Of the middle class yout,h 57 per cent worry about their access to consumer goods and 76 per cent about fuels for cars and motorcycles.
Faith in divinity – and military:
Sixty-four per cent of the male youth describe themselves as conservative/religious, whereas 75 per cent of women feel the same.
Only a quarter of urban young people have an interest in politics. Three quarters of the youth who expressed an opinion in the survey worry about exposure to foreign media, films, music and ideas.
Young people from urban areas were most worried about foreign influence.
Youth with access to cable TV were less conservative than those who only had access to terrestrial (conversely, terrestrial watchers were more optimistic than cable viewers).
Owners of mobile phones are more likely to want to vote, more interested in politics and more likely to believe they can change Pakistan.
The survey suggests that this may be the most conservative generation thus far in Pakistan, especially compared to the generations that grew up before the 1990s.
There are very low approval rates for the government, national assembly, provincial governments and assemblies, and for political parties (the lowest).
Other institutions: religious, media, military and judiciary have high approval rates, with the sole exception of the police which is unfavourable.
When asked about the best political system for Pakistan:
Twenty-nine per cent believe in democracy as a system and the reasons for their preference is economic growth, ensuring access to water, electricity, gas and education.
Thirty-two per cent believe in military rule. Those who believe in military rule think it can best provide security, internal and external, and also defend against Pakistan’s foreign enemies.
Thirty-eight per cent believe in Islamic Shariah because they think it will best advance moral and religious values. They also favour it because they believe it will better religious tolerance and ensure fairness.
Opportunities for Politicians:
13 million new first time voters from the survey. 25 million registered voters between the ages of 18 and 29 years of age. Only 40% are certain to vote, whereas 21% are undecided. Anyone who can manage to bring out the undecided’s will have a significant advantage.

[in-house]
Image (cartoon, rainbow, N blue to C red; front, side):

Just a 10% increase in youth turnout would mean an additional 2.5 million more votes on election day, quite significant for marginal constituencies.
In Pakistani families across the board, the most educated are those below the age of 30, giving a unique opportunity for parties to address them who may look beyond traditional voting parameters.
Most young people believe political parties haven’t done enough to communicate with them. In this election from the survey if politicians are to court the young they will need to reach out to them as a separate bloc, give them a strong economic agenda, address their feelings of insecurity and talk convincingly about values.
The Connected Middle Class: They are eiight per cent of the next generation. Committed to democracy, think corruption is a major issue. They are increasingly looking for opportunities outside Pakistan (a quarter want to emigrate permanently, another quarter would like to live abroad for some time).
Marginalised Rural Labourer: 15 per cent of the next generation, predominantly in unstable work, worried about gas, electricity and water. For them terrorism in not a major issue, jobs and prices are. Eighty per cent say they are likely to vote, but their decisions are based on family and landlords.
The Conservative Backbone: 15 per cent of the next generation, mostly urban, highly educated and aspirational. They have a distinct generational identity and believe they can change Pakistan, 98 per cent are proud of it. Sceptical of democracy, more likely to favour Sharia. Value integrity and economic expertise.
Char Divari Housewives: They make up a third of the next generation. Mostly disconnected from the outside world, apart from day time television. Disengaged from politics, are unsure if they are even on the electoral rolls (70 per cent are in fact on the rolls). Anyone who can reach them politically can potentially secure a big dividend because so many are undecided when it comes to voting, and crucially when it comes to who to vote for.